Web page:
Understanding Cerebellar Development and Disease
Welcome to the Becker Group!
We are interested in discovering the genes and biological mechanisms that regulate the development of the cerebellum and in exploring how the impairment of these mechanisms leads to cerebellar diseases.
The cerebellum is known as the primary centre of motor coordination and learning in the central nervous system. In addition, increasing evidence suggests that the "little brain" also contributes to higher cognitive functions including language, emotion and social reward processing. We understand surprisingly little about the molecular processes that underlie the formation of this complex brain structure and that, when disrupted, lead to disease. The goal of our research is to provide fundamental insights into the genetic, molecular and cellular mechanisms that govern the development and different diseases of the cerebellum. In particular, we use multi-disciplinary approaches to better understand the disease mechanisms responsible for disorders such as cerebellar ataxia and autism spectrum disorder. Together, our work is helping to provide a more rigorous understanding of the genes and pathways behind these diseases. We hope that our findings will ultimately help to inspire improved clinical treatments.
The cerebellar ataxias are a genetically and clinically diverse group of neurological conditions that primarily affect the cerebellum. A major challenge is to better understand the specific disease-causing mechanisms underlying this complex group of diseases and to identify common pathological pathways that could be targeted therapeutically. One of the emerging key players in cerebellar ataxia is TRPC3, a calcium-permeable ion channel of the transient receptor potential (TRP) family. We have discovered that mutations in the TRPC3 gene cause cerebellar ataxia in the Moonwalker (Mwk) mouse, as well as in human patients. The latter has been designated Spinocerebellar Ataxia type 41 (SCA41). Our ongoing work focuses on the discovery of additional mutations linked to the TRPC3 pathway and their functional and pathological characterisation. Most recently, we have identified the first dominant mutations in the GRM1 gene, encoding the metabotropic glutamate receptor mGluR1, causing Spinocerebellar Ataxia type 44 (SCA44).
Interestingly, the cerebellum has emerged as one of the key brain areas affected in autism spectrum disorder. However, the molecular mechanisms linking cerebellar function to autism remain largely unknown. We are addressing this important question by investigating the role of autism genes in the development and function of the cerebellum by integrating experimental developmental neurobiology and computational analyses. Our recent work has shown that a subset of autism genes is highly enriched in developing Purkinje cells.
Induced pluripotent stem cells
Our group is one of the few laboratories worldwide who have developed a robust protocol to generate cerebellar neurons from human induced pluripotent stem cells (iPSCs). This exciting technology allows us, for the first time, to study the development of human cerebellar neurons in the dish using available cells from healthy people as well as patients with ataxia and autism. We are combining this technology with CRISPR/Cas9 genome engineering to generate unique and isogenic human cerebellar disease models.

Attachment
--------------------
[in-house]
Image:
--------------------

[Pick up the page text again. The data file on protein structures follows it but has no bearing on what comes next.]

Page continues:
sources of Funding
- The Royal Society
- The Wellcome Trust
- John Fell OUP Research Fund
- Rosetrees Trust
- National Ataxia Foundation
Join the lab
We are a young and enthusiastic group. Enquiries from motivated and talented students and post-docs to discuss available research projects and funding possibilities are always welcome. Get in touch
Opportunities for DPhil/PhD projects in the Becker group are available through a number of graduate programmes:
Wellcome Trust Doctoral Programme in Neuroscience
Interdisciplinary Bioscience Doctoral Training Partnership
January 2019: Our cerebellar differentiation paper has been voted "Best 2018 Paper" in Cerebellum
August 2018: We are excited to host In2Science student Emma Davies for a placement in our group.
May 2018: Alaa Baazaoui, MSc project student from Cologne, joins our group. Welcome!
April 2018: Welcome to DTP rotation student Elise Padbury!
January 2018: Welcome to DTP rotation student Melissa Grant-Hänni!
October 2017: Great article by Lauren on 'iPSC-based models of neurodegenerative diseases: promises and pitfalls' in this term's issue of Phenotype
September 2017: Welcome to Mimi Prickett, who will carry out her Biochemistry Part II project in our group
July 2017: Welcome to Sixth-Former Emma Quartermain, who joins us for her In2Science work experience!
May 2017: Congratulations to Esther for winning the 2016 UK Golden Triangle Discovery Fast Track Challenge from GSK
May 2017: Congratulations to Lauren for winning a prestigious Masao Ito poster award at the recent 8th International Symposium of the Society for Research on the Cerebellum
May 2017: Great to see the Becker Group featured for World Cultural Diversity Day on the University's website
April 2017: Welcome to postdoctoral fellow Sam Nayler who joins us from Australia supported by an Oxford Nuffield Medical Fellowship and BrAshA-T
March 2017: Congratulations to Maggie, who has won the Gotch Memorial Prize for best DPhil Transfer Status report of a graduate student in the field of physiology at Oxford!
Reaching out to the public
Find out more about the Becker Group and the Functional Genomics Unit's public engagement here.
Esther was one of the invited keynote speakers at the "Empowered Women" event in April 2014 that was hosted by the Charity Wishful Smiles together with Barry Gardiner MP at the Houses of Parliament.